Earliest Stone And Metal Tools
Technology begins in human history when the first stone flints or spear tips were deliberately cut, which are known as Oldowan tools or eoliths. It is very difficult for archaeologists to prove that the sharpened edges of some stone artifacts are the work of human hands rather than the result of the shearing of one stone against another over eons. However, certain improvised tools such as pebbles and animal bones, show clear signs of the wear and tear associated with deliberate use. Chipped quartz tools are identified as such because of the situation in which they were unearthed, accompanying human remains in areas clearly definable as settlements.
About one and a half million years ago, an improvement was made upon the basic carved tool, with the aid of better raw materials. The newer tools fall into three categories of standardized designs; mainly handaxes, picks, and cleavers. These Acheulian tools are the work of humans with larger brains than previous incarnations of the genus Homo. They first appeared during the Paleolithic or early Stone Age period. Handaxes from this period are flaked on both sides and often shaped carefully into teardrops. Picks are long tools, with either one sharp edge or two. Cleavers are smoothed into U-shapes with two sharp points on one side. With these inventions, humans began to consider how an object would fit the hand, and how it might be designed for optimum impact.
Acheulean tools were made in great numbers across much of Africa and Europe, as well as India and the Near East. They were produced over thousands of years but led to no modern counterparts. Archaeologists therefore have a long list of possible uses for these artifacts, which may have served more than one purpose. Butchering animals, digging for roots or water sources, and making other tools are the most common suggestions. More inventive ones include the "killer Frisbee" projectile, a use for disc-shaped objects proposed by two researchers at the University of Georgia. Iceman, a fully preserved human over 5,000 years old, was found with articles of clothing and tools and weapons on his person. This fortunate occurrence has given archaeologists a chance to theorize about the uses of particular tools, rather than piecing together scattered remains and surmising about possible uses for artifacts.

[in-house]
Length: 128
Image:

The later periods of the Neolithic and Bronze Ages saw further developments in metallurgy and design. Axes were made in two pieces, a head and a shaft bound together by plant or animal fibers. Metal alloys like bronze were deliberately crafted to improve the durability and efficiency of hand tools. Smithing was an art as well as a science, well into the Iron Age. Handcrafted knives were important for nomadic peoples who hunted to survive, and swords especially became crucial tools in warfare. The invention of the metal plow brought agriculture a huge step forward, since it made systematic planting over wide areas possible. This was a great improvement over digging holes one at a time.